In order for students to teach yoga safely and respectfully, with knowledge of anatomy and yoga’s long history, we all need to become certified instructors. Indeed, accredited yoga studios require it. Since the College does not yet fund these trainings, only two of the five students who teach for YogEphs have completed theirs. A new yoga program would cover the cost of yoga teacher trainings along with continuing education for all student instructors. 

This funding would only begin to balance the work that several students do for yoga on campus. If each student instructor were paid $50 per class (a low rate, by some standards) and we continue to offer seven classes during each of the semester’s thirty weeks (regular semesters, finals weeks, plus Winter Study), the College would pay $10,500 per year. That number does not include the hours we spend planning and executing administrative tasks so that classes run smoothly. 

According to current RSO policy, leaders are not compensated for their work. But YogEphs is more than a club: We offer a professional service, an ancient practice backed by modern science, a safe container for students to process their emotions and experience themselves newly. We offer a substantive and accessible option to support students and their mental health, complementing IWS which has been overburdened by demand in recent years. We offer a holistic approach to student wellbeing.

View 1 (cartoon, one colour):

A yoga club used to exist here, but by the time I arrived on campus four years ago, it had faded due to the graduation of its leaders. The College now faces a choice: Step back and risk losing our progress, or step up and fulfill your role as an institutional leader willing to take new action for the wellbeing of all students. Creating a unified, fully-funded yoga program is the next step forward.

As I graduate in a few weeks, I pass YogEphs onto the leaders who will continue it. Yoga has helped all of us navigate the challenges of the College with flexibility. We teach to help other students do the same, serving while learning. I hope that, given new support, future leaders will continue our legacy with ease, finding open doors and new space. It is time for the College to reciprocate and protect our efforts for years to come. It is time. 

Emma McTague ’23 is an English and history major from Madison, N.J.